The next day, I said to the girls, “Let’s surprise Daddy. Let’s make Chicken Pot Pie tonight. And those delicious Chocolate Chip Oatmeal cookies that he loves.” I did have to work that evening but It was a day the girls got out of school early so I shopped in the morning and got everything going and then they helped me finish up and make cookies. It was all ready when he got home at 5:30 that night and he walked in and could smell the amazingness coming out of the kitchen and filling the house. I told him what we’d made and he smiled big. Really big and gave me and the girls huge hugs. I had to rush to leave the house and get to work. I kissed him and the girls goodbye and left. As I pulled out of the driveway and turned to drive away, I looked in the big front window. Steve was waving to me and I waved back, smiling.

Later that night, he called me at work. That call could have gone either way. He could have been calling me to tell me something was wrong, with the kids or with something at the house. He could have been calling, upset with something I had done (not terribly uncommon). We could have argued. But it was a good call, really good. He called to tell me thank you – for dinner, for the cookies, for thinking of him and for going to the effort. He called to tell me he loved me. He called and asked me about the pregnancy test that he saw on the shelf in the bathroom. I said, “There’s always a pregnancy test in the bathroom.” That’s not uncommon when you are trying to get pregnant. And then we talked about our plan to have another baby. “We’re really going to do this?” he asked, with a smile in his voice and a hint of uncertainty. “Yes we’re going to do this,” I said. “The girls will love it, they’ll have more family when they get older and so will we. This will be good for us. And just think how cute it will be.” He said OK. He really wanted this. I said I loved him and I then I said, “Wait up for me.” He said he would try. He told me he loved me and hung up the phone.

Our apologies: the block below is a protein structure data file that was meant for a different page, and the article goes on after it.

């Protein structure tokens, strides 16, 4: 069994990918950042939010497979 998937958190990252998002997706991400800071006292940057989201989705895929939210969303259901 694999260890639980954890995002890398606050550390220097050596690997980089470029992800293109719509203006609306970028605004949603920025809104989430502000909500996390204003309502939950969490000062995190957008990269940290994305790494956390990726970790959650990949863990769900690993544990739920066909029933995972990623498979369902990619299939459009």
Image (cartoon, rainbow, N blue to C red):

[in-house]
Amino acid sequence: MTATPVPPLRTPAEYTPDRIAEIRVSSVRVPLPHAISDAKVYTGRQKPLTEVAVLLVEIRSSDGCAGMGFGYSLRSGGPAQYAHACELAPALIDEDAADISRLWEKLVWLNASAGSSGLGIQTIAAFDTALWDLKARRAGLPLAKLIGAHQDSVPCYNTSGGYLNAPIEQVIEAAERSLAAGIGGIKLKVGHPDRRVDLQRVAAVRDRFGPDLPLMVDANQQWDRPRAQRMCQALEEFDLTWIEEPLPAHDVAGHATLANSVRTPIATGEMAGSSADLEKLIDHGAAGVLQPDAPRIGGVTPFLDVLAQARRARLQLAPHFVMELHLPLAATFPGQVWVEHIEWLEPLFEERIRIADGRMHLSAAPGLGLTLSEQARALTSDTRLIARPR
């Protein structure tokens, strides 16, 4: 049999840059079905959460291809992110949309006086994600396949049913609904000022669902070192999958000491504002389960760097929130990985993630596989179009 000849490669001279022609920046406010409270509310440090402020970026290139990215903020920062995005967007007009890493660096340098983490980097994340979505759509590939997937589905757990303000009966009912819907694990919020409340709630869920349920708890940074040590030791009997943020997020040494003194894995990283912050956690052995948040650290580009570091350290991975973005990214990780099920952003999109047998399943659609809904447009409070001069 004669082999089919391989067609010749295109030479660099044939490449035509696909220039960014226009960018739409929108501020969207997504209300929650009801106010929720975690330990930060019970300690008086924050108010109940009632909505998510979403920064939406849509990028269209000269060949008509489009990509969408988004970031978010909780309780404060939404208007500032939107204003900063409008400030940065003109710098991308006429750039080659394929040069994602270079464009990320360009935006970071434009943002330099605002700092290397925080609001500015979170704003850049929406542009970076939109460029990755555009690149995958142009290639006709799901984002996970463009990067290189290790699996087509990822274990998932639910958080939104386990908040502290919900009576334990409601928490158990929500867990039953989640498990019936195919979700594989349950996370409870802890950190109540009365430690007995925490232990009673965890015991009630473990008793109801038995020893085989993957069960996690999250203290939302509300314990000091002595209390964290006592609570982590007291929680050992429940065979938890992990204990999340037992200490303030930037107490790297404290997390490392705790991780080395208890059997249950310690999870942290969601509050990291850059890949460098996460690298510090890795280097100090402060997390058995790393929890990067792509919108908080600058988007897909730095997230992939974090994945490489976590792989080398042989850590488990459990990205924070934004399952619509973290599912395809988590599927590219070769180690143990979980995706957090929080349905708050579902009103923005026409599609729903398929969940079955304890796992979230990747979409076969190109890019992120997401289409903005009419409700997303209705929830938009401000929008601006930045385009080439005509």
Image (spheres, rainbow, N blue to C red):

When I got home that night, he was asleep. I never wanted to wake him up when I got home late so I let him sleep and I watched the news and fell asleep. He died in his sleep that night. He died with a full, happy stomach after enjoying his favorite meal, in his bed, in his favorite sleeping t-shirt and boxers, after talking to his wife about having a baby, and telling her – and his girls – that he loved them. He never would have chosen to go, but I think looking down on it, he was satisfied with his dramatic, final exit from this world.